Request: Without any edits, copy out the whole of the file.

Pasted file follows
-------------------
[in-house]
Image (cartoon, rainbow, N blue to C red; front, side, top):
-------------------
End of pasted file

[in-house]
Image (cartoon, rainbow, N blue to C red; front, side, top):